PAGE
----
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Singapore-MIT GAMBIT Game Lab students remain high in demand despite economy downturn last year

Dated: 2 September 2010

In its fourth year of running the annual summer internship programmes at the Massachusetts Institute of Technology (MIT), the Singapore-MIT GAMBIT Game Lab (GAMBIT) continues to see high demand for its interns who have benefited from the programmes. Not only have 86% of its interns from the 2008 and 2009 batches found employment in the Singapore games and media industries despite the gloomy economic outlook last year, some of the GAMBIT alumni have also gone on to win international awards and set up their own games companies.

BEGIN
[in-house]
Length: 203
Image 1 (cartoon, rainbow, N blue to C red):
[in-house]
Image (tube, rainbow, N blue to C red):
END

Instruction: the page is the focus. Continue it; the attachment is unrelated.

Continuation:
These developments were shared at the Singapore-MIT GAMBIT Game Lab Industry &Media Day, where 39 new students fresh from a 9-week internship at MIT showcased seven newly developed game prototypes to some 90 industry players, representatives from tertiary institutes, members of the media, and others. Among them were representatives from Lucasfilms, Ubisoft and Boomzap, which have been sending representatives to attend the annual GAMBIT event for a first look at its latest crop of interns and their game prototypes (please refer to Annex A for details on the game prototypes this year).

Said Mr Olivier de Rotalier, Managing Director, Ubisoft Singapore said, “Having worked with GAMBIT over the past two years, I would say this programme presents a fantastic opportunity for both the students and the video game industry. The management team of the programme is doing a great job in selecting students of a certain caliber and sieving out only those with the right motivation for the industry. In addition, this internship also enhances the maturity level of participating students by enabling them to understand the challenges of complex projects earlier than their counterparts.”